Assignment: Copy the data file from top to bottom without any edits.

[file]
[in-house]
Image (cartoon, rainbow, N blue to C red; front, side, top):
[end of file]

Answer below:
[in-house]
Image (cartoon, rainbow, N blue to C red; front, side, top):